Bowling a perfect game is easier now than it used to be. In 1980, 5,373 league sanctioned perfect games were bowled. Last year, despite shrinking league memberships, 42,163 perfect games were bowled. Why are fewer people bowling more perfect games?

Most pros blame improved ball technology. The balls are better — many can correct for bad shots — but the pins are the same.

I’m curious about whether there might be a social component to the explanation as well. This is pure speculation, but if it’s true that more people are bowling alone instead of in leagues, might it also be true that these loners are practicing differently? Instead of learning how to pick up shots with spares (which is emphasized in league practice, where the focus is on the team’s preformance), the loners are most likely focusing on strikes. At least some subset of these loners might join leagues, and their resulting league play would logically result in more strikes.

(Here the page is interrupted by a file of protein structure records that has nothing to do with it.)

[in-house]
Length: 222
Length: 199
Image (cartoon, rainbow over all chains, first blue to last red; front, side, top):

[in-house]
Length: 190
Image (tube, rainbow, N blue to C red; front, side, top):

Of course, there are other, more important implications of bowling alone, but pondering its effect on scoring is an interesting intellectual exercise.

Posted on December 4th, 2002 by Katxena